Additionally, drones can be quite noisy. So in planning a wedding, consider meeting with the couple beforehand to let them see and hear the noise the drone makes. Also, it may be beneficial to use the drone at the couple’s rehearsal so you can find at what height the drone needs to fly in order to be less distracting, or even unheard by wedding attendees. Even though drones offer newlyweds something exciting and new at their wedding, make sure it does not distract guests from the ceremony. And last but not least: Follow FAA Rules. It is important to obey current FAA regulations concerning drone flying. It is also important to keep up-to-date with any changes the FAA may make.

Industry Trends: Grab-and-Go

March 18, 2015

Today’s business traveler is, well, busy.  Life on-the-road is jam-packed will meetings, presentations, more meetings, and squeezing in normal work when a few, fleeting, free minutes permit.  Needless to say, with all the multi-tasking and working late, it’s a wonder that business travelers even have a minute eat.  Which brings us to our point.  They don’t.  The problem for emerging travelers today, is that they barely have a second to sit down, let alone sit down and enjoy a table service meal.  As a result, the business traveler will run across the street to the closest mini-mart or Starbucks and grab something quick and easy to settle the hunger pangs.

With the resurgence of business travel, hotels have seen an increase in demand for more convenient dining options.  Thus, the grab-and-go concept has emerged as perfect alternative to traditional dinning.  Not only does this concept drive sales by providing guests with flexibility, efficiency, and control; it allows hotels to create menus and pricing that cater to the demands of each location’s target demographic.

Grab-and-go options meet the flexibility needs of the business traveler.  With so many appointments, time constraints, and hours spent working late, it is virtually impossible for any traveler to adhere to any semblance of a normal eating schedule.  Instead of trying to rearrange work in order to get to the hotel restaurant before close, the grab-and-go provides a cost-efficient alternative that allows guests to purchase meals when it is convenient for them.

Additionally, the grab-and-go’s give greater control to the guest.  By offering a variety of nourishing foods, with better ingredients, and gluten-free, vegetarian, and vegan options, the guests have complete control over which foods align with their specific dietary needs, and are able to fuel their bodies appropriately.  The grab-and-go concept can be extremely successful for any hotel, as long as it is understands what the guest wants, and can provide the food options that meet the guest’s needs.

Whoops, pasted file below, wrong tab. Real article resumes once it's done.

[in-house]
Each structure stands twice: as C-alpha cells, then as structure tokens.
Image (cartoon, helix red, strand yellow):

It is important for hotels to consider expanding to grab-and-go options.  Not only does the grab-and-go provide guests with convenient, healthy, and cost-efficient options, it is a revenue generating opportunity for the hotel and ensures that guest money spent on food and beverage is kept in-house.

Richfield Hospitality’s Best Practices in Controlling Credit Card Fees in Hotels

July 6, 2011

By: Lee Rossiter, Chief Financial Officer at Richfield Hospitality

Credit card processing fees are a significant expense for any hotel.  Fees can average 2% of annual revenues; so for a property with $10 million in annual revenues, fees would be $200,000.  But, who’s to say your fees shouldn’t be 1.8%, which equates to a $20,000 savings? (more…)

Costs Shouldn’t Come in the Way of the Guest Experience: Labor Expenses, Staffing, and Scheduling within Hotels

May 3, 2011

By: David Earl, Corporate Centralized Controller at Richfield Hospitality

One of the most controllable expenses in a hotel is labor.  Having the right number of employees scheduled to work each day is paramount to the guest experience and controlling the labor costs.  Too many employees scheduled will result in lost profit and having less work to do.  On the other hand, having too few employees scheduled results in work standards not being met, employees feeling rushed and stressed, along with guest complaints about the service and product quality they receive during their stay. (more…)

Why a minute in a hotel is so important – as it relates to profits

February 28, 2011

By: Robert Ferree, Vice President of Operations at Richfield Hospitality


During my travels to various hotels across the country I notice the ways things are done or not done.  I speak with many managers about the performance of their hotels and performance of their competitors.  Many of these managers spend time grumbling about the things they have no control over and how it’s impacting their bottom lines.  I usually walk away wondering why the managers are not focused on those things in which they ARE in control of that would help increase profits.   (more…)